|Date: Thursday, May 10, 2018. 0936Z
|Location: 53.1631° N, 9.0760° W — Aughinish
|WX: 251° (WSW) at 15 knots. Clear sky. Cold. Waves: < 1m
On Sunday, a good friend of mine lost his six year battle with cancer. The following is a copy of an email I sent to club members, about Henry Lupton.
I remember having a conversation with Henry after Wednesday night racing. We were discussing the relative merits of a Hallberg Rassy 42 over a similar sized Najad. The abstract debate covered things like build quality versus brand premium. I neatly segued into a series of complaints about my own boat, an Achilles 24. A boat which is still by the side of the house, unfit for sea, despite Henry’s best efforts. I compared my own humble craft with the salubrious Rassy.
Henry looked at me incredulously. “Sail the boat you have, Dermot. Not the boat you want!”
If it were possible to sum up Henry in such a simple expression, I think that does him justice. That’s not to say Henry argued for mediocrity in any way. Far from it. Nothing in his life was mediocre. While many of us spent a Sunday afternoon staring out into the Irish “Summer”, of rain and whitecaps, a familiar spinnaker would appear, sandwiched between the grey sky and the grey sea. Beoga! Henry and Marina on their way back from a weekend in Aran, screeching along under spinnie.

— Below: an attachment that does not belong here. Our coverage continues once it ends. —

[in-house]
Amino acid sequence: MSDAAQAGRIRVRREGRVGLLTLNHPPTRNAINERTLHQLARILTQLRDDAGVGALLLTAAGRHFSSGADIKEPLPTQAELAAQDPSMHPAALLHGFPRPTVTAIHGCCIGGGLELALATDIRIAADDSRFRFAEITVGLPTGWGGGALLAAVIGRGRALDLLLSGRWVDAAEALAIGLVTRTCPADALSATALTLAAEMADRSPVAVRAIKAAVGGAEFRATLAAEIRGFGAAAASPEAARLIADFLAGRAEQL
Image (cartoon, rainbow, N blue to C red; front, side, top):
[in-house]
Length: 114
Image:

They once took Starlet south for some regatta or other, without the benefit of a road trailer. So off they all went, only to discover that little Starlet was not at all happy with the Atlantic rollers. They arrived eventually, somewhat the worse for wear, but unperturbed.
They were happy sailing around the cans at every opportunity. At the same time, Henry and Marina took Beoga thousands of miles out of her way, to put blue water under her keel, and Caribbean sun on our faces. I think, if push came to shove, they might have chanced Starlet on that epic voyage, rather than miss out.
Even when Henry was caught by that expletive disease, he still went racing in the 1720. Chemo one minute, a start line the next. Henry and Marina took Beoga to Cork each summer, borrowing a car and dashing back to the schedules of medical professionals and their machinery. Back for a dose of the goop, as Henry would say. As soon as they were done with him, off the two went, back to the boat.
No one would say Henry had the lifetime he wanted or deserved. Or for that matter, what we wished for him. But there’s no question to me, that he sailed the life he had.
Bon voyage, Henry.